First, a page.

Apart from the i9 9900k, for Intel cpu's just figure a cpu cooler needs to be @ 1.5 to 2x TDP for stock gaming use, if introducing OC figure 2x to 3x. Err on the side of caution though, where an i5 would be ok with 1.5x TDP, an i7 with its hyperthreading would be better suited at 2x.

So a 9700k would be looking at the 180-220w range of coolers, which is the Cryorig H5, Dark Rock 4, Scythe Fuma2, Noctua NH-D14, most 240mm AIO's.

The 9900k requires no guessing or estimates. It's 200w output stock and upto 250w output at locked core turbo makes things simple. Cryorig R1, Noctua NH-D15/S, any 280/360mm AIO or full custom loop. Anything less and start looking at gaming temps over 70°C, Prime95 in throttle or capped thread usage.

With case size limitations put on cpu coolers, there's really only 1 rule. Bigger is better. You cannot Overcool a cpu, but it's far too easy to Undercool one.

Like psus, cpu coolers are components where budget should not apply, they are pc must have components, every other component is a luxury choice.

Guessing the wattage of a cooler is easy.

Stock intel @ 110w
92mm coolers @ 130w
Budget 120mm @ 140w
Mid sized towers @ 180w
Mid sized twin towers @ 200w
Full twin towers @ 250w

120mm aio @ 140w
140mm aio @ 200w
240mm aio @ 250w
280mm aio @ 300w
360mm aio @ 350w.

But obviously do apply a little common sense. A thin rad will be on the lewer end of the wattage range, whereas a thicker rad of the same size will be higher wattage.

If a cooler manufacturer feels spiffy about their product, they'll usually put the wattage, as it's usually a slight step up from the competition, such as the Cryorig H7 is 145w, just to stick it to CoolerMaster and its 140w hyper212 evo.
 
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DMAN999

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I personally always read reviews of any cooler that I am interested in, on the CPU (running at a reasonable OC), I have or am buying.
As long as it performs well on the CPU that I am going to use it on I don't worry about the Max Wattage rating.
My Ryzen 5 2600 is rated at 65W but I run it at a 4 GHz OC and hits anywhere from 80 to 100+ Watts under load.
As stated above, the size of the cooler and the number of pipes will be a good indicator of whether or not it will be sufficient to cool a given CPU.
For example my Arctic 33 eSports Edition dual fan cooler (supposedly rated for 210W max) is a mid sized 4 pipe cooler, that reviewed fairly well.
View: https://imgur.com/7NEbCrD

I would definitely not recommend it for a 105W or higher CPU.
It keeps my 65 W Ryzen 5 2600 at 29-30C at idle and maxes out at 60-61C while stress testing with Prime95.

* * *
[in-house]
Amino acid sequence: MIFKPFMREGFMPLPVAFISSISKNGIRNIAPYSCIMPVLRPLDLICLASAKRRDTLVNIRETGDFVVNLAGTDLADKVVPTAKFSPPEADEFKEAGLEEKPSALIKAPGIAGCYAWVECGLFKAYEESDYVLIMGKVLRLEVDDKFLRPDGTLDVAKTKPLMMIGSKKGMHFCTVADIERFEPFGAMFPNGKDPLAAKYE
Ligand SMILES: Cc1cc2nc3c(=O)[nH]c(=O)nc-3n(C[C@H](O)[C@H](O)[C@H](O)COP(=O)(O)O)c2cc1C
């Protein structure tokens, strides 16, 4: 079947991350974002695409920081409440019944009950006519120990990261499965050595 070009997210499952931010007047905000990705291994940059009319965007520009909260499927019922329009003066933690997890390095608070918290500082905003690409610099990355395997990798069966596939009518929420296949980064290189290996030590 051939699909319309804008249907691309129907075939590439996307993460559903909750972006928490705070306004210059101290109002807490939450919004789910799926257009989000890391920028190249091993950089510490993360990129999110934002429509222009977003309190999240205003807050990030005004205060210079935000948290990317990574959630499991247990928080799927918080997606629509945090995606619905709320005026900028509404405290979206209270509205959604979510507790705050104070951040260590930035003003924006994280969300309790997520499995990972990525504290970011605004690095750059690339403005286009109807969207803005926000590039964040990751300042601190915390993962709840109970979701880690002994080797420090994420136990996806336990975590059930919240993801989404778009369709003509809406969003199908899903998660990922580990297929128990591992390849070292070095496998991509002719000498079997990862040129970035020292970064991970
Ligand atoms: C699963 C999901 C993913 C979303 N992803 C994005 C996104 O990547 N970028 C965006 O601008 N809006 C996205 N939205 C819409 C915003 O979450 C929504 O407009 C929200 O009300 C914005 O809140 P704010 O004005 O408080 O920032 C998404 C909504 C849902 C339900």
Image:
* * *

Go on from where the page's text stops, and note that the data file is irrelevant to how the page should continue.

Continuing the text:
You can search the Arctic site by Max TDP:
https://www.arctic.ac/us_en/products/cooling/cpu.html?cpu_cooling_capacity=111
 
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Aug 20, 2019
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That's only because many ppl are clueless as to exactly what constitutes TDP.
EXACTLY!! So for those people the TDP Compatibility Guide is fine. However, for the tech savvy people such as yourself and others--I'm not including myself since I'm still learning--I think an average figure should be included on their spec page. The same data/benchmarks they used to compile the TDP Compatibility Guide could've been used to include an average TDP value with the rest of the specs.
 
Well and the power a CPU consumes and the heat it outputs arent the same.

You could have a really good soldered tim on a CPU which would mean you could get buy with a cooler. If the same CPU had a crappy tim, the same cooler wouldnt work.
 

Karadjgne

Titan
Herald
Engineers are handicapped. They can't change the rules of TDP without revamping the whole thing, which at this point is about due. The methodology used was fine for anything upto the 8700k, quads have been around for years, but the move to Hexa-core doesn't work for apps that have limited usage of threads, none of those apps are open thread variable and able to use all 12 threads for a realistic TDP. So you get a series of apps built for quads, pushed on hexes. At base clocks.
 

TimH77

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Jul 21, 2017
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It is just a pet peeve of mine, I was wanting to change my cooler and the ones I was looking at didn't show the wattage on the sales site or the Manufacture's site. I have tried googling but it seems like the info is not out there for what I was looking for. I remember when I could find a lot more answers on google 10 years ago , now when you search the just want to sell you something!
I've been confused about TDP as well, while buying the parts to upgrade to an AM4. I see 65W TDP on a Ryzen 2700 and 105W on a 2700x... figuring I should see a similar number (or maximum TDP) on the mobo (which I can remember seeing when I first starting looking at upgrading a year ago.

For the first week or so, while looking for a motherboard, I was tracking my brain trying to find TDP numbers on different mobo's. After no success I ended up getting an MSI B450 Gaming Carbon Pro and a Ryzen 2700, figuring 65W was safe. But after posting and getting answers on here I'm sending it back and a 2700x is already on its way (before it's asked I didn't go 3700 because I'm not gaming but video editing and CAD).

So yes, it's confusing for newbies like me- some products with TDP and similar products without! Thankfully this forum filled with knowledgeable people is here or who knows what I would have ended up with! :p

(Side note) lynx1021- Your statement 'things are harder to find on Google' is not your imagination. If you haven't seen or heard about it, check out the document dump from a whistleblower.